Tucked away on an old trail once frequented by Native Americans and pioneers sits a piece of Georgia history established more than a decade before the Civil War.
The Sweetwater Creek/New Manchester Manufacturing Co. mill in Douglas County had more than 100 employees at one time, and it was taller than any building in Atlanta when it first opened in 1849. But despite a relatively remote location, it didn’t escape Gen. William T. Sherman’s troops during the War between the States and was burned after capture on July 2, 1864, leaving a set of ruins visited by curious locals ever since.
Those tours were halted two years ago when structural erosion left the area too dangerous to enter. This summer, the ruins are being carefully restored to ensure the site’s future as a historic destination.
“Knowing that our visitors aren’t able to come in here and see this mill up close and personal is difficult,” said David Jordan, park manager at Sweetwater Creek State Park. “We’re hoping that after they get finished, we can have photographers back in here, weddings back in here and, of course, movies back in here.”
Recommended for you
Recommended for you
Recommended for you
Once the mill reopens in the fall (October is the current goal), it will resume all of those functions, including as a high-profile filming site. The mill has already served as a backdrop for movies including 2014’s “The Hunger Games: Mockingjay — Part 1,” which featured Jennifer Lawrence as Katniss inside the mill.
History on Sweetwater Creek
Built in the late 1840s, the mill predates Douglas County itself and was financed by some of Georgia’s most prominent citizens of the day. Investors included former Georgia Gov. Charles McDonald and a man named William John Russell, the grandfather of famed U.S. Sen. Richard B. Russell Jr. of Georgia.
The mill is an engineering feat. Built mostly by slave labor, it involved the construction of a large millrace to channel water from Sweetwater Creek through a 45,000-pound, 16-foot-long wheel that powered the mill’s operations. Each of the five floors specialized in part of the process of making yarn or osnaburg cloth.
Initially known as the Sweetwater Village mill, in 1857 it was renamed New Manchester Manufacturing Co., after the city of Manchester, England. About 100 workers lived on-site in a small town centered around the textile operations and shopped at the company store. While some may consider it strange that weddings are held at such a historic place today, there is some evidence weddings were held there even during its operations, according to Douglas County historian and author Lisa Cooper.
“Even today you can tell how massive the mill was during its heyday. At five stories tall, the mill was the largest manufacturing site north of Macon,” Cooper said. “The mill building not only served as a workplace, but a social center for the village.”
The mill was enormously profitable during the 1850s, and initially became even more so due to the war. According to Cooper’s research, mill owners pumped $15,000 into the textile business for new machinery and buildings in 1860, and reaped rewards in the form of a $24,902 order from the Confederate States Army.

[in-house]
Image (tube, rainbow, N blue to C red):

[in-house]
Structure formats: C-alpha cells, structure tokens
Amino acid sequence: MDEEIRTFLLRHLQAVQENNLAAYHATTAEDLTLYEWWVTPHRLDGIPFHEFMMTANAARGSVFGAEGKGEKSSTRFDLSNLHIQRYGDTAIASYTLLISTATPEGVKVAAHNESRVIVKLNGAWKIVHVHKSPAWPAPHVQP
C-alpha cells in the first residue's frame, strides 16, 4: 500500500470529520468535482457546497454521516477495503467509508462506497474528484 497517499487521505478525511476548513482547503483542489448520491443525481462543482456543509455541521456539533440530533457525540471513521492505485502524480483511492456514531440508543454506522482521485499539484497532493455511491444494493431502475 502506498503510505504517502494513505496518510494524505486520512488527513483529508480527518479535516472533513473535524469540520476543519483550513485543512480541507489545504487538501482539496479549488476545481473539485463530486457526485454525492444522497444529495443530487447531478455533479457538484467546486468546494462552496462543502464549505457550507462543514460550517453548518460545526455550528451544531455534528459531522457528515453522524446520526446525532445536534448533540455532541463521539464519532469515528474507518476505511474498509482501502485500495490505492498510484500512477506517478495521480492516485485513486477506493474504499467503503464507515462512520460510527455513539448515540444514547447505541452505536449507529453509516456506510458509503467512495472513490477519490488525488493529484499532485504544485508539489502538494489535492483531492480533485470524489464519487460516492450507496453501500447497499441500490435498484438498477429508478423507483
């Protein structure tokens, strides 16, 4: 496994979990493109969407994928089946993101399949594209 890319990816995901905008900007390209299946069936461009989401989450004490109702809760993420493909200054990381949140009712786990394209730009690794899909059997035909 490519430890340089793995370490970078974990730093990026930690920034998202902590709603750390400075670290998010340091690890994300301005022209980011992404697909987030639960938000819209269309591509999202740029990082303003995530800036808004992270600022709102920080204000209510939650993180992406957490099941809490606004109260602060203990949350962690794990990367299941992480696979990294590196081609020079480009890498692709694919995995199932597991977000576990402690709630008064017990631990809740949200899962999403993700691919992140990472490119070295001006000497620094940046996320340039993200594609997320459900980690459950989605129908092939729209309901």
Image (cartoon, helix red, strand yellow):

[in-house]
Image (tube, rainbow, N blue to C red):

“They were aware of the huge potential regarding the rushing waters of Sweetwater Creek,” Cooper said. “It was said to be one of the best sources for water power in this section of the state mainly due to the interesting topography along the Brevard Fault.”
But in the end, the mill burned with the rest of Atlanta, and the women and children who worked there were arrested and sent to Marietta. Many were later shipped to Louisville, Ky., and left to fend for themselves.
Following the war, it was decided not to rebuild the facility, leaving the town of New Manchester as only a memory, along with famous ruins that visitors see today.
Aegis Restauro LLC is leading the $375,000 project, which aims to stabilize the property. With an estimated 800,000 annual visitors to Sweetwater Creek State Park, the work includes steel rods, new mortar and concrete caps with the aim of keeping the site safe and tour-ready for decades.
The building has seen its share of abuse. For example, it has long been ridden with bullet holes, but none stem from a Civil War battle.
“There was really not a Confederate presence at Sweetwater Creek State Park,” said Jordan, the park manager. “It was the Union Army that was here. All the local men had already left and went to war.”
Instead, most bullet holes came from the guns of locals using the site as an easy shot for target practice before the state park was established. Sweetwater Creek State Park opened in 1976 but was established several years earlier.
The holes are far from the only scar on the ruins, as still visible are warped bricks from the heat of the fire in 1864.
The mill also features architectural points typical of its place and time. For example, the windows were cut at angles to allow for more natural light as there were no light bulbs, and dust from the materials made candle light unusable.
“From our modern perspective, it’s hard to imagine how something this significant could even operate,” Jordan said. “When this was built, it was the tallest structure in the skyline of Atlanta.”